In August of 2011, I found myself back in Cairns, this time with my father, fleeing the southern winter and punctuating our move from Umina to Lake Lake Haven. My Mum had planned to go to Europe for six weeks while the sale went through, but Dad didn't want to accompany her, and said he would rather relax in FNQ looking at birds, which are his speciality and his big passion in life. I was tasked with looking after him. Good old Cairns, the city which had sheltered me from the disaster in Japan, would lift my spirits once more and provide me a sneak preview of the rapidly approaching Vagabondist reality. I walked downtown after our flight and check-in, and found a nightclub on the Esplanade where I could drink Coronas and update my daily Google Adsense earnings on my iPhone, pretending that I was living in Bali. There were Wicked Campers on the street, and a party vibe in the air.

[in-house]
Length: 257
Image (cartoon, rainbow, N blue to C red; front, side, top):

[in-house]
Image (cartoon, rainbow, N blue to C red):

According to a brochure which I picked up in our resort, Dad and I had arrived just in time for the start of the Cairns Indigenous Arts Fair. The following morning, we both trekked into the city centre, to enjoy a coffee on the aforementoned Esplanade -- a 45-minute trip oneway. It was to become a habit for the rest of our holiday in Cairns. Past St Monica's Cathedral, and a bush that was full of spice finches. Unfortunately, I had a cold, which detracted from my enjoyment of the day. It was a Saturday, and most definitely not sleepy (at least in comparison to the NSW Central Coast!) By the time I made it to departures and waited in line for my serve, the plane was already out on the runway. I hadn't slept properly in at least a week, due to all the aftershocks and radiation fears in Tokyo, on Australian soil, and in one of the most beautiful cities in the southern hemisphere. As Lucky at One Mile at a Time would say, being bumped can be a blessing.